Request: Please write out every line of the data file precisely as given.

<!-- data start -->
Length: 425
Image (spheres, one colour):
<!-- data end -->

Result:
Length: 425
Image (spheres, one colour):